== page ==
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  1. Default New Hampshire to California

    We are in the middle, more or less, of our latest cross-country trip from Southern New Hampshire to the California coast near Monterey. As usual, we are in a hurry to get to see the grandchildren so the trip out there is as fast as practical. Typically, we get there on the fourth evening.

    This trip had the added challenge of getting out of the northeast before a major storm hit. Fortunately, there are a couple of invaluable tools available. First is weather radar. Second is reasonably new. has something called "Interstate Forecast" where you can get a forecast for select cities along an interstate.

    The weather radar on Thursday evening showed the storm covering a large part of the southern plains states expecting to move into New England by Saturday afternoon. My guess was that if we left on Friday morning and stayed in northern Ohio Friday night, we would skirt the northern edge of the storm on Saturday driving through Iowa and into Nebraska. That is just what happened. We had a clear and bright drive to just east of Toledo on Friday and mostly cloudy with some light snow showers on Saturday. Indeed, it was not until we hit sunny California that we had any real weather.

    Friday, 750 miles along I90 to I80 to Milan, Ohio. It was an easy drive; I kept the spedometer at 75 mph most of the way.

    Saturday, 800 miles to Lincoln, Nebraska. Although we had some snow showers, the driving was easy; 80 mph most of the way. We did see, however, the leftovers from the previous week's massive ice storm. We counted over 50 cars that were still left off the sides and in the median awaiting the tow trucks.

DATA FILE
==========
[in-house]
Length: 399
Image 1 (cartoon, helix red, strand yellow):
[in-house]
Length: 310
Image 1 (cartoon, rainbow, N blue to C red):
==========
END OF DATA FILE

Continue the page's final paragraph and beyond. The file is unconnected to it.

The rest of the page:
Sunday, 850 miles to Park City, Utah. Again, 80 mph all the way - a clear and boring drive.

    Monday, 800 miles to the coast. Drive was OK until we started to go over the passes around Truckee. Caltrans had I-80 shut down to all but those with chains; 4 wheel drives with snow tires carrying chains were OK. I have
    an Acura MDX (aWD) with "suv" tires, not "snow" tires and a set of cable chains I bought for this trip. The Caltrans officer let me pass when I said it was 4 wheel drive. She did not even ask if I had chains; perhaps she guessed someone from NH would know how to drive in snow. At first, we did not understand why the "chains and 30 mph max" restrictions. The road had been treated with some sort of sand and salt solution leaving a slushy mix, but no ice; we noted that folks in NH would maybe slow down to 50 mph in that sort of stuff. It took only a few minutes to understand the precautions. Pickups and SUVs (with California plates) were passing us, merrily fishtailing along the way. We even saw cars with chains on their front wheels that had run off the road. These folks are clueless as to how to drive in light snow and are a danger to others. I can only guess how interesting it must be when there is ice or a few inches of snow there. If there had been no restrictions, I80 would have been littered with skid-offs.